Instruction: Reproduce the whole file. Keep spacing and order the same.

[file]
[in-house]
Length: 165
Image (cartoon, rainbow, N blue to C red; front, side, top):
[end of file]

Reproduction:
[in-house]
Length: 165
Image (cartoon, rainbow, N blue to C red; front, side, top):